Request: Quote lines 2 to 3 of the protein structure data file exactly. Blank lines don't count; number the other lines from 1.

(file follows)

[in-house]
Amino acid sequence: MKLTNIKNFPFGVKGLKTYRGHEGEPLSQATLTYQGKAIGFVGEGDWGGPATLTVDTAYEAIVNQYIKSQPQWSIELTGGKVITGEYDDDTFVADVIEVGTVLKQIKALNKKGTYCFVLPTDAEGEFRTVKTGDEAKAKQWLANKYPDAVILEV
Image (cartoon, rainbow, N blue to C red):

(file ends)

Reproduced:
Amino acid sequence: MKLTNIKNFPFGVKGLKTYRGHEGEPLSQATLTYQGKAIGFVGEGDWGGPATLTVDTAYEAIVNQYIKSQPQWSIELTGGKVITGEYDDDTFVADVIEVGTVLKQIKALNKKGTYCFVLPTDAEGEFRTVKTGDEAKAKQWLANKYPDAVILEV
Image (cartoon, rainbow, N blue to C red):